The Wall

 
The wall still stands.
The farm is gone, the people gone.
Scrub and weeds now stand where corn rows grew.

To clear his field of rocks that broke his plows,
a long-dead farmer dug and pried these stones
from ancient graves to face anew
the sun and wind and weather.

Dragging them on horse-drawn sledge
to borders of his fields,  he set them
one upon the other, nestled in just so,
to grow for many years in rising rows.

He died before he finished - left his sons
to pile their stones on top of his,
and generations followed.
Work begun to rid a man of nuisance
wrought at last a thing of beauty.

Gravity and friction 
made this fence outlast its makers.
Families scattered, names forgotten,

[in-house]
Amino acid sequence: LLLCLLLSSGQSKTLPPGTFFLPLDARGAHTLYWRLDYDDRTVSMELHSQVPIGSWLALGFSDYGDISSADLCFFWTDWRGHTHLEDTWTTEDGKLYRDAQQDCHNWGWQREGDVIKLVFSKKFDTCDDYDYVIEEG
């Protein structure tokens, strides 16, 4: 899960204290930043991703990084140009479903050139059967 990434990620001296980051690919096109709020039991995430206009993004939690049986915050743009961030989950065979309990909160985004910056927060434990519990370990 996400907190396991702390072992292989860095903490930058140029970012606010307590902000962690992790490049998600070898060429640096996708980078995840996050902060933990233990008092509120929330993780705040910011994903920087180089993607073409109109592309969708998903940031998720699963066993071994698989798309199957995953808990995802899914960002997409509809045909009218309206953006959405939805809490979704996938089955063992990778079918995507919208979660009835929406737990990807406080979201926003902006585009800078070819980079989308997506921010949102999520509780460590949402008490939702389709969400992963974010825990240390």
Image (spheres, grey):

but their monument remains.

Twining vines find purchase
in the many cracks and spaces -
frame mosaic grays with softer green.
Mosses grow in shady spots,
and lichens, mottled red and brown, abound.

Resting in its shade, children
of the past would snack on fallen apples.
Field mice built their nests beneath its shelter.
Black snakes warmed themselves on sunny stones.

In darker days, menís rifles
peered above its capstones,
crackling instant death knells
all along its line.

Wounded soldiers leaned against
the rocks and stained their gray with vivid red.

But now the stones are silent.
They, too, will crumble to the ground in time,
that time that lost the farmer and his sons 
and changed the tiny creatures of the sea
to stones in this abandoned wall.
   


Written April 1998 by David L Brungart - © Copyright